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true

The practice we now call probation began in Boston as a result of the efforts of John Augustus, an unpaid volunteer

true

Most states authorized probation for juveniles before authorizing it for adults

true

Pre sentence investigation reports are assumed to help judges in the sentencing process

false

Judges and probation officers differ on sentencing recommendations in 50 to 60 percent of the cases

false

Victim impact statements typically result in judges sentencing defendants more harshly

false

Probationers cannot be incarcerated for violation of technical conditions of their probation

true

In revocation hearings probationers are allowed to testify themselves and to present witnesses on their behalf

true

The use of small caseloads for intensive supervisors officers may result in other probation and parole officers having larger caseloads

false

African Americans are much more likely to be placed on probation that any other racial or ethnic group

true

As a result of a variety of factors, we are likely to see community corrections programs increasing in the next decade

true

Community-based correctional programming may decrease some of the stigma associated with incarceration

false

Recent research has found that most community corrections programs significantly reduce the level of law-violating behavior in program participants

false

In most states the laws require all community-based correctional programs to be operated by a government agency

true

As a result of receiving funding from multiple sources, community corrections program may be accountable to multiple organizations demanding different standards

false

Staff burnout is not a problem we typically associate with non-secure residential treatment programs like halfway houses

false

Very few diversion programs result in net widening

true

House arrest is a fairly old form of punishment

false

Electronic monitoring of offenders has allowed many jurisdictions to shut down jails and prisons

true

One of the deficiencies of electronic monitoring is that it monitors location, but not behavior

false

Jail did not appear in the United States until the early twentieth century

false

Early English jails were designed to punish sentence offenders

true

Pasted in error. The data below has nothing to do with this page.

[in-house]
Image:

The 1999 national jails census found that just under 2 percent of the nation's jail inmates were HIV-positive

false

There are more prisons in the United States than there are jails

false

More female inmates are serving time exclusively in women's jails

false

"New-Generation" jails involved just a change in architecture and not a change in management philosophy

true

When jail inmates are left unsupervised for long periods of time, assaults and suicides can occur

true

Some sheriffs use jail assignments as places of punishments for their employees

true

Jails typically have to compete with other, more politically popular programs for local funding

false

No state currently allows for the operation of private jails

false

Jails that operate under state standards and comply with those standards cannot be sued by inmates

false

Most jails operate a full range of inmate treatment programs equal to those of prisons

true

The presence of mentally ill inmates has become an increasing problem in jails in the United States

false

The same due process protections apply to probation revocation hearings as to criminal trials

false

Economic sanctions against offenders initially were used in the 1960's

true

It is estimated that every year, somewhere around 22 million individuals are processed through jails in the United States

true

Total institutions control virtually all aspects of the physical and social environment of the people who live in them.

true

Dehumanization is one of the rites of passage in total institutions

true

The hub of activity for certain types of prisons is called "times square"

false

Traditional, linear-design prisons employ a direct supervision method for inmate housing units

true

Corrections Corporation of American is one of the nation's largest private corrections firms

true

Federal prison camps can best be described as a low-security facilities

true

Prison crowding seems to be most common in public facilities with inmate populations between 1,500 and 2,499

false

Most private correctional facilities in the United States are operating above their rated capacities

false

Currently, there are 1,000 private prisons operating in the United States

true

Most inmate work programs involve prisoners cleaning and caring for the prison and surrounding grounds

true

Nearly 98 percent if the state-operated prions in the U.S. offer counseling programs

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